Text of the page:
Friday, June 20, 2008

Not a Gummer Yet

By Mike Gillis

Today marks the 33rd anniversary of the release of Steven Spielberg's "Jaws." Depending on your take, it's remembered as one of Spielberg's best -- probably still his best, in my opinion -- or the film that redefined the contemporary movie-going experience as meaning little more than box-office take.

For me, it's commercial success doesn't undermine its dramatic success. "Jaws" still has a few lessons left to offer.

1. Wisdom can be overrated.
I find it reaffirming, sometimes aggravating and occasionally depressing that Spielberg made his masterpiece at 26 years old. We're often told that learning our craft takes time, lots of time, and filmmakers or writers mature over time. Certainly there are wisened old filmmakers and writers forever aiming for the swan song, the project that sums up and defines a life's work. But there is something to be said for youthful abandon, where the rules are both important as a guide and just as easily disregarded in the throes of creativity. "Jaws" remains a solid example of inspired filmmaking. I've not seen that kind of hardened inspiration since. No, not "Schindler's List" or "Saving Private Ryan."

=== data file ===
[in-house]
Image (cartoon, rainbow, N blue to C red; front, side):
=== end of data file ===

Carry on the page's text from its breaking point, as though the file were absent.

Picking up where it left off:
2. A bad story can sink your ship
Although Spielberg's faux shark did sink, several times, it was more than a setpiece. The shark fit the story. That's not to say the book was a masterpiece, because it isn't, but its transformation to film made for strong drama under even direction. Without the architecture of a good, solid story, no movie can stay afloat for long.

3. Cast it or cast away
"Jaws" boasts solid performances across the board. Little needs to be said about the likes of Roy Scheider, Robert Shaw, Richard Dreyfuss and Lorraine Gary, but Spielberg was also able to create a convincing setting with local nonactors. Perhaps some of that is a bit hokey -- "A whaaaaat?" -- but we bought it. Don't populate a movie with actors. Populate it with people. Good actors, playing real people.

4. Sometimes a blockbuster is worth the ride
It's OK to have fun at the movies. Really. "Jaws" may be inexpensive by today's standards, but no small budget for its time. And that money bought the picture a memorable score and just enough gee-whiz props to take viewers on a rollercoaster of a movie. Not to mention the first three lessons.

So, happy anniversay "Jaws" and thanks for showing that movies can still have teeth.

Here's the original theatrical trailer: